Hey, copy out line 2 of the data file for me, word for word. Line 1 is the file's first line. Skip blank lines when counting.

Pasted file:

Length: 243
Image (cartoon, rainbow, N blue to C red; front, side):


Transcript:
Image (cartoon, rainbow, N blue to C red; front, side):